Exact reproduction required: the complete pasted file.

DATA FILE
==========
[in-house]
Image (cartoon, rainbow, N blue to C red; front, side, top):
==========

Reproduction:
[in-house]
Image (cartoon, rainbow, N blue to C red; front, side, top):